The 8th of November was a significant date for Georgian Qvevri wine in the UK - It was the night of the first Qvevri Wine Festival in London. In this short post we will share the story of the evening.

By Danilo Di Salvo and Eka Cox

12th November 2018

We are passionate Georgian wine importers and we want to share traditional wine from Georgia with the UK. There have been a few tastings in which Georgian wine was present and a number of members-only events. However, our wish was for a Qvevri wine event that was open to the public. This is how the London Qvevri Wine Festival was born.
Georgian culture is deep rooted and historic, and so we knew that it was impossible to host a Qvevri wine event without the other elements that make Georgia what it is today present. Namely, Georgian food, music, dance and literature. As time ticked on, we gained more elements to our story, until a few weeks before the event we were complete.

Running up to the event we had no idea how popular the event would be. It was so rewarding to see the tickets sell on Eventbrite and by the end we sold over 120 tickets. A remarkable achievement for Georgian Qvevri Wine.
Once the doors opened guests quickly filled the venue and as one would expect of a London based event, an eclectic mix of wine enthusiasts, lovers of Georgia and those who had previously heard little or nothing of Georgia, it’s wines or customs. 
The event was opened by David Gigauri, who, with roots in Georgia, is a passionate supporter of Georgian wine and culture. David with easy charm introduced the audience to Qvevri wine making in Georgia, the important part that wine has played in the very fabric of Georgian culture for millennia and how UNESCO has granted Qvervri wine-making a unique intangible asset status in the cultural heritage of humanities. David referred also to how Georgia is now recognised through archaeological findings to be the birthplace and “Cradle of Wine”
Sarah Abbott, Master of Wine followed on from David’s introduction giving a fascinating insight into Georgia and its Qvevri winemaking practices. Sarah told the audience how she first came to fall in love with Georgia with its vibrant culture and traditions and how she now, engaged by the Georgian National Wine Agency, works to promote Georgian Wine in the UK.
Following on from the presentation the guests enjoyed tasting 19 different Qvevri wines from 4 tables, 3 hosted by importers of Georgian wine to the UK - Taste of Georgia, gvinoUK and 8000 Vintages; the 4th by the UK producer of Qvevri wine Artisan Cru. The hosts were kept very busy with those eager to taste, many for the first time, the wide range of Qvevri wines on offer and to learn more about the production methods. Guests could also buy bottles of their favourite selections. It is a measure of the success of this first small event and to the high quality of the wines themselves that so many wines were bought to take away and larger orders placed for home delivery. 
According to Georgian tradition one should not drink wine without it being an accompaniment for food and as Georgia is the crossroads for the Silk Road, its cuisine features elements from the East and Far East mixed with Western style influences can be found too. London based Georgian food catering company Walnut & Spice provided guests with delicious Georgian food to be paired with the Qvevri wines. Also, in keeping with Georgian tradition the food kept on coming ensuring every guest had the chance to try and enjoy the Georgian food experience until full.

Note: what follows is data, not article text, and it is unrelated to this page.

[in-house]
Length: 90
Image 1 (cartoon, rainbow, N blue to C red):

The guests had the additional bonus treat of being able to meet the extremely charismatic Carla Capalbo, the award-winning food and wine writer and photographer with her exquisite books 'Tasting Georgia' and 'Georgian Khachapuri and Filled Breads'. Carla graciously attended to sign copies of her books purchased at the event.
Also, on-hand to answer questions at the festival was the winemaker Giorgi Natenadze who produces unique wines from Meskheti in south-west of Georgia. Giorgi flew in from Georgia just to attend the event.
Georgians gathering for a Supra or feast where wine and food are served would rarely pass without traditional Georgian dance being performed and this event was no exception. Festival guests had this fantastic opportunity to see a performance by beautiful dancers dressed in traditional costumes from London based Georgian dance group Pesvebi with dance Kartuli – simply meaning Georgian… and of course no supra could pass without the unique renditions of Georgian polyphonic songs. Amongst the guest were members of Choir Maspindzeli needed no prompting to seize the opportunity to treat those gathered with song Mravaljamier, meaning long life to everyone.
So, these two and half hour flew by very fast and we think we managed to show our guests what qvevri wine is and how its entwined with other Georgian traditions. We were privileged to meet so many lovely people with a real interest in the event and we received excellent feedback on the real stars of the show, the wines themselves. It was heart-warming to see that UK consumers are positive about the qvevri wine, red and amber.

Following on from a successful first event, we know that we are at the beginning of a long journey. Next time we would like to have a bigger venue to shorten the queues for wine tasters and further optimisation of the experience. Georgian wine has a way to go before it becomes a household name, despite the quality of the wine and the history of the Qvevri wine making process. As such, we will continue to promote these fantastic wines around the country and of course, we will hold the second London Qvevri Wine Festival in 2019. Meanwhile, the next event that we will be presenting at is the Wine Festival - Winchester on the 23rd and 24th of November. We hope to see you there so you can try our ever expanding range of high quality Georgian wines. Gaumarjos!